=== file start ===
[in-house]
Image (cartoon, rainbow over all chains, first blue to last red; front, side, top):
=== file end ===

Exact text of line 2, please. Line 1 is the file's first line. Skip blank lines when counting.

Image (cartoon, rainbow over all chains, first blue to last red; front, side, top):